Goat Medicine: why does it differ so much from the veterinary medicine of other ‘similar’ creatures? I mentioned this briefly in one of my Instagram posts, which sparked many people to request a longer explanation. I could write for days, but instead I want to focus on a few key reasons as to why goats require different healthcare than other animals. Every animal species is an individual—but plenty of general knowledge can relate to many of them, such as wound care. But where are goats’s medical needs different from other creatures?
I’ve chosen three very important examples which can provide a better understanding of goat medicine. Whether you’ve had trouble caring for your goats, had a bad experience with a veterinarian, or are a veterinarian yourself looking to stay up-to-date on what farmers have to say, this is just the beginning of the conversation on goat medicine. For anyone new to the site, I am not a veterinarian or a doctor; I am a farmer, goat owner, science enthusiast, and forever student of all aspects of progressive goat care. I am also a goat care mentor, with a specific focus on natural goat care—my goal is to always work synergistically with the goat’s body and never against it. With that being said, here are my top three examples of how goat medicine differs from other veterinary medicine:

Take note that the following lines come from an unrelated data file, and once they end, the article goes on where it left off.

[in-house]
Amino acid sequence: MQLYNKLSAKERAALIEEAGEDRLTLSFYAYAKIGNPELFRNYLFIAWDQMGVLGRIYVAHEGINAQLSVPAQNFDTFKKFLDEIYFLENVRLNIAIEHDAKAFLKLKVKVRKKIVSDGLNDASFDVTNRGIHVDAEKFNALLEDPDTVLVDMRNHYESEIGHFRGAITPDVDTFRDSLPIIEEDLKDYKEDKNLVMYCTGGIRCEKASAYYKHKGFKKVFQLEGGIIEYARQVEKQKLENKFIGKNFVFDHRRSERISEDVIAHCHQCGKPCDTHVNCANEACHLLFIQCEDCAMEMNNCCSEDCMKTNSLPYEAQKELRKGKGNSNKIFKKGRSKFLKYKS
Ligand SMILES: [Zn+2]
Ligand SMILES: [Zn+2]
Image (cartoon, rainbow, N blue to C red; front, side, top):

The Goat Rumen
Having a complex gut microbiome doesn’t come without complications. The giant ‘vat of fermentation’ that is the rumen is an extremely sensitive gut environment. Due to this, whenever a goat’s body is under stress from any illness, injury, etc., it is pivotal to care for the gut just as much as you would the initial problem at hand. Most other creatures do not have the sensitive, carefully balanced gut environment that goats do. In fact, I often include some rumen-favorites like Probios Gel, Dark Beer, Apple Cider Vinegar, and more, when treating almost any ailment in goats, even ones seemingly unrelated. One of which being Listeriosis—a problem I assist with frequently as a mentor, and one that has one of the worst prognoses under veterinary care of goat illnesses (based on personal observations and reports and thoughts from veterinary professionals who have treated it). In treating Listeriosis in clients’ goats, I have observed clearer improvement in goats receiving rumen support (most notably, dark beer) than vice versa. When treating a goat for any one medical problem, the goat must be observed and treated as a whole—I have never seen full body, supportive measures so important in treatments as it is in goats.
Goats and Antibiotics